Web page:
Fri. Apr 12th, 2024
Written by Robert Warden
Robert Warden

Yesterday, I came upon the following link on my Facebook homepage, which was on my friend Keith Koelling’s timeline. It made me think about something, as the social psychologist that I am. The quote is about “things worth believing in.” Ordinarily, the logical part of me might dismiss this quote by asking. “What if these things are not true.” However, with regard to philosophical beliefs, it is never so simple as whether a belief is true or not.

Another line of thinking is that we create our own truths. However, I am not really going there, either. For instance, I am not going to say that if I believe that the fall midterms will result in huge gains for Democrats, because I want it to be so, that is going to make it true. In fact, a logical perspective on the midterms will conclude that Democrats should hold onto the majority in the Senate, but doing so in the House of Representatives, while possible, will be an uphill battle.
What I am suggesting is something different from either the “stark reality” approach, or the “wishful thinking” approach. The quote, spoken by Robert Duvall in movie “Second Hand Lions,” asserts that it is worth believing that people are basically good; that honor, courage and virtue mean “everything;” that power and money mean nothing; that good always triumphs over evil, and that true love never dies. Duvall goes on to say that it doesn’t matter whether these things are true or not; what matters is that people should believe them because they are worth believing in.
Actually, these lines could have practically been taken straight from a book by founding Humanistic Psychologist, Carl Rogers, who has been enormously influential, and a founder of positive approaches to psychology – that is, focusing on what makes people good and well-functioning, as opposed to what makes people mentally pathological, or do evil things. And this is the crux of my argument – one that I have often made in one form or another over the years.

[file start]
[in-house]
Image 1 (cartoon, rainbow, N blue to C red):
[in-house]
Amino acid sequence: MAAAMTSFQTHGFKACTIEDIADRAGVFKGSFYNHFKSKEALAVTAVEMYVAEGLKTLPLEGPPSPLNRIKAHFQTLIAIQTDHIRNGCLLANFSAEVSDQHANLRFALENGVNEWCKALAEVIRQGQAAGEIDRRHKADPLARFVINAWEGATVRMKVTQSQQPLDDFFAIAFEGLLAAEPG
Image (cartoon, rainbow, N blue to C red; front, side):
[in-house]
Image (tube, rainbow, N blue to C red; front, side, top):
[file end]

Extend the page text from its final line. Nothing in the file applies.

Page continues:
To put it bluntly, the beliefs expressed by Duvall in this movie, make people become better people, and more responsible and productive members of society. They help society to advance, rather than stagnate or devolve into something worse. They do not guarantee good outcomes by any means; there is no magic going on here. However, having the appropriate set of attitudes, encourages people to persist in the face of adverse circumstances, and progress when there is a chance to do so. Despair is not an option. Pessimism and cynicism, while sometimes warranted, can be the enemy of progress, especially when taken too far or when they become default positions. This is why I have always felt that the best default position is optimism, and faith in our fellow human beings. Being a default position, it is subject to making exceptions for daunting circumstances, or for people who prove themselves unworthy and untrustworthy. However, the core beliefs remain.
One may not specifically agree with everything said in the quote, or the way it was said, but as hopeful, progress-oriented human beings, we each need a kind of positive core belief. It is our positive beliefs which will propel us forward, and make the most of our opportunities to thrive and evolve as a society. To the extent that they do, these beliefs will prove to be true.


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